Fraud is defined as the intentional use of deceit, a trick, or some dishonest means to deprive another of his/her/its money, property or a legal right.
A party who has lost something due to fraud is entitled to file a lawsuit for damages against the party acting fraudulently, and the damages may include punitive damages as a punishment or public example due to the malicious nature of the fraud. Quite often there are several persons involved in a scheme to commit fraud and each and all may be liable for the total damages.
Inherent in fraud is an unjust advantage over another which injures that person or entity. It includes failing to point out a known mistake in a contract or other writing (such as a deed), or not revealing a fact that he/she has a duty to communicate, such as a survey which shows there are only 10 acres of land being purchased and not 20 as originally understood.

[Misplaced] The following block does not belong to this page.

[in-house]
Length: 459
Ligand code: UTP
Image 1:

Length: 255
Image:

Constructive fraud can be proved by a showing of breach of legal duty (like using the trust funds held for another in an investment in one's own business) without direct proof of fraud or fraudulent intent.
Extrinsic fraud occurs when deceit is employed to keep someone from exercising a right, such as a fair trial, by hiding evidence or misleading the opposing party in a lawsuit.
There are many classifications and types of Fraud cases:
Consequences for the conviction of fraud may potentially include:
Likelihood of any of the above consequences depends upon the following factors:
Defenses to fraud may potentially include:
With Offices in Cedar City and St. George, Utah, our dedicated, local, criminal defense law firm has decades of experience defending fraud charges throughout southern Utah. Call (435) 628-4411 or contact us online today for a free consultation.
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